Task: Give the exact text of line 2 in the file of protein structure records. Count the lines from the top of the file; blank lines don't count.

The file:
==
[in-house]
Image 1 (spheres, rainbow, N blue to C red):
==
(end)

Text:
Image 1 (spheres, rainbow, N blue to C red):